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Eur J Clin Nutr. 2013 Nov;67(11):1157-62. doi: 10.1038/ejcn.2013.165. Epub 2013 Sep 18.

Parental concerns about complementary feeding: differences according to interviews with mothers with children of 7 and 13 months of age.

Author information

1
Department of Food and Resource Economics, University of Copenhagen, Copenhagen, Denmark.

Abstract

BACKGROUND/OBJECTIVES:

To investigate and analyze differences in parental concerns during earlier and later phases of complementary feeding.

SUBJECT/METHODS:

Eight focus group interviews were conducted with 45 mothers of children aged 7 or 13 months. Deductive and inductive coding procedures were applied in the analysis.

RESULTS:

There were marked differences in mothers' health concerns in early and in later phases of complementary feeding. In the early phase, feeding a child healthy food was an unquestioned and self-evident practice. The child's food was a specific category, separated from the rest of the family's food, and the mother's focus was on the immediate well-being and safety of the child. In the later phase, health concerns shifted towards a longer-term perspective, and the aim of integrating the child into the family's social world became as important as concerns about well-being and safety. Contested and partly contradictory practices resulted, including conscious acceptance of some intake of sugar and unhealthy fats. Perceived relevance of nutritional guidelines on complementary feeding was high in the early phase but declined later.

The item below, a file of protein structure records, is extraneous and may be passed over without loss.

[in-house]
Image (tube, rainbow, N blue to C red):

CONCLUSION:

Mothers' concerns and practices in the feeding of a young child vary considerably across the early and later phases of complementary feeding. This should be explored further and taken into consideration in the targeting and timing of dietary guideline communications.

PMID:
24045795
DOI:
10.1038/ejcn.2013.165
[Indexed for MEDLINE]

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